Homemade Raspberry Ice-Cream
Cantaloupe Melon

An exhausting, but fun day. The garlic chicken was chicken thighs coated with 'Crispy Garlic Chicken' coating which we bought from the Chinese supermarket (an amazing place) some time ago. I unearthed it at the back of the cupboard while I was looking for something else! It was going to be baked potatoes but I opted for couscous instead because it is just so quick. The melon was half price at Lidl - such a bargain. I adore melon and could eat a whole one of any variety. One of my abiding memories of living in east London is the sight of dozens and dozens of watermelons piled up outside the Greek and Turkish shops. They looked quite unreal in their hugeness!

Friday, July 06, 2007

Menu Planning

Do you make a weekly menu of meals? I have done several times in the past and when I have I’ve always been encouraged by how well it works and how much easier it is when you have one. Then I forget that such a thing exists and just wing it for a while, and we end up eating pizza and ready meals because I haven’t planned anything and now haven’t the energy or the inspiration. It’s a self discipline thing, or rather the lack of it I guess.

But today I jumped back on the wagon and made a menu for the week. All this week I have been trying to rethink the organisation and running of our home. My sweet husband makes no demands in this area and I am aware of how my tendency to procrastinate etc has led to our current state of chaos. To put it plainly, I’ve been lazy. With God’s help, that will change and here is a small start.

While I was looking for some homeschool resources last weekend, I came across this splendid service . If you sign up for their service they will send you a 5 day dinner menu each week plus recipes and a grocery list to go with it – completely free! I’ve taken the menu for the 9th – 13th and adapted it a little bit to suit what I needed to use up from the freezer. I also had to make a couple of budgetary changes – food in the USA tends, I think, to be a little cheaper for most items and certainly for meat. I feel so excited about trying it and even if it doesn’t work out I think it has definitely encouraged me to start menu planning again. Off to Lidl tomorrow, list in hand!

For Dinner Tonight:

Homemade Black Currant Ice-Cream & Raspberries

Hurrah for frozen pizza! Especially on a Friday night. Tonight is the first day in ages that it hasn't rained. Hurrah again! Rob is busy down the allotment as I write, picking black currants and raspberries and trying to rescue our poor drowned tomatoes. Have a blessed weekend!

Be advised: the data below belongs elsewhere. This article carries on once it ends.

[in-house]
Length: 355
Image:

Thursday, July 05, 2007

For Dinner Tonight:

Meat Loaf
New Potatoes
Homemade Black Currant Ice-Cream

I had intended never to attempt meat loaf again. Previous disastrous attempts (too salty, too dry, too bready) had scarred me and I had begun to wonder if you actually had to be American to make a decent meat loaf. Then I found this recipe on the ever wonderful Tammy's Recipes. It was delicious, my faith is restored and I intend to make it again and again.

Universal Martha

Imagine if you will, a small village in rural Wales. Actually, village is probably too grand a term; more of a hamlet, just a road with houses either side. There is a pub (naturally), a church and a post office/general store. Nothing more, not even a craft centre or pottery (this is possibly the only place in Wales where there isn't one).

In some villages in Wales the post office/general store is quite a thriving concern, having diversified from the normal run of the mill foods to providing organic vegetables, locally sourced foods and other delightful goodies to the discerning customer. Not so this little shop. It is a sad little shop and in sore need of a business makeover. You will not find produce from the local farm here or even local honey. In fact you will not find much of anything of any description on the shelves. The day we visited it reminded me of what you might find in a shop on the last day of its closing down sale, just before they sold off the shelves themselves. We were holidaying nearby in a little cabin in the woods, belonging to Rob's parents, and had braved the rain to venture out in search of bacon, milk and a newspaper. Then as we paid for our few purchases, I saw it, glowing out from the dismal news' stand and you could have knocked me over with the proverbial feather.